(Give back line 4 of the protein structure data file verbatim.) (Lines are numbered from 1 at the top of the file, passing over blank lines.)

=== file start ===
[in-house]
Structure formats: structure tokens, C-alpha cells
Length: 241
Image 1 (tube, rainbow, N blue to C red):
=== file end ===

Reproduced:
Image 1 (tube, rainbow, N blue to C red):